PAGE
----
The Dead Sea : israel & jordan
"The Sea of Death" Hebrew: יָם הַמָּוֶת, Yam ha-Mavet, is a salt lake bordered by Jordan to the east and Israel and Palestine to the west.
Its surface is 429 meters (1,407 ft) below sea level, makingn it the Earth's lowest elevation on land. At 304 m (997 ft) deep, it is also the deepest hypersaline lake in the world.
With 34.2% salinity, it is 9.6 times as salty as the ocean, and one of the world's saltiest bodies of water. This salinity makes for a harsh environment in which plants and animals cannot flourish.
The Jordan River is the only major water source flowing into the Dead Sea, although there are small perennial springs under and around it, forming pools and quicksand pits along the edges. There are no outlet streams.
It has attracted visitors from around the Mediterranean basin for thousands of years. In the Bible, it is a place of refuge for King David. It was one of the world's first health resorts (for Herod the Great), and it has been the supplier of a wide variety of products, from asphalt for Egyptian mummification to potash for fertilizers. People also use the salt and the minerals from the Dead Sea to create cosmetics and herbal sachets.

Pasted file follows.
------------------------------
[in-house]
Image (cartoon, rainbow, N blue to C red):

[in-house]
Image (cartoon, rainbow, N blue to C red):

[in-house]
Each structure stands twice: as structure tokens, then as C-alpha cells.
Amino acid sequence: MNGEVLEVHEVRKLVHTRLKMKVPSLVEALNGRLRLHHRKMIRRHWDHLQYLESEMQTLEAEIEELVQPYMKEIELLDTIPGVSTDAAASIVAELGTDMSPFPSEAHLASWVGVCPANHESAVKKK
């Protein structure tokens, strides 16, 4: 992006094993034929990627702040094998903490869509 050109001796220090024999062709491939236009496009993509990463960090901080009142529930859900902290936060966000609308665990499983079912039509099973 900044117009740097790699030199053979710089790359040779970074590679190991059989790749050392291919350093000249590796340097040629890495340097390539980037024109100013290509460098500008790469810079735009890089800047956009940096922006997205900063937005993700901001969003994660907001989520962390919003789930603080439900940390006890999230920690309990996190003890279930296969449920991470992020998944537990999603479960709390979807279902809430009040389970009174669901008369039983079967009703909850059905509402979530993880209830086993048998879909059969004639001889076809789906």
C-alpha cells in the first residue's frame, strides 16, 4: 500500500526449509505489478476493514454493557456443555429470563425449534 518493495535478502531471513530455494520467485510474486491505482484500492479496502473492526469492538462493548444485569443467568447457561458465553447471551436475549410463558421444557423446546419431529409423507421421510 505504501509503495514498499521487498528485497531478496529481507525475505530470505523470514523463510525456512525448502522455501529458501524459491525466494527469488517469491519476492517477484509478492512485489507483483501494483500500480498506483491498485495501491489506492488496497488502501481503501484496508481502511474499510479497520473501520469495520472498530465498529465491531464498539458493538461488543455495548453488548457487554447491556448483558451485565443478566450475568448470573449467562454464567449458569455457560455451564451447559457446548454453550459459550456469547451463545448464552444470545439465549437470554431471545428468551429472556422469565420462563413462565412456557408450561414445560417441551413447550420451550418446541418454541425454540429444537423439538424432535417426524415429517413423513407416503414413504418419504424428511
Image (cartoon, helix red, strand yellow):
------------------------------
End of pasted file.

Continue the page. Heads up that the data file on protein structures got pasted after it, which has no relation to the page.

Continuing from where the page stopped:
In the early part of the 20th century, the Dead Sea began to attract interest from chemists who deduced the sea was a natural deposit of potash (potassium chloride) and bromine.
Two companies, Dead Sea Works Ltd. of Israel and Arab Potash of Jordan, use extensive salt evaporation pans (visible) that have essentially diked the entire southern end of the Dead Sea for the purpose of producing potassium chloride. The ponds are separated by a central dike that runs roughly north-south along the international border.
- Geo-Historical Text : Wikipedia
- Calculations : WolframAlpha Pro
- Satellite Imagery: ESRI ArcGIS
Overlay Source Image: NASA Johnson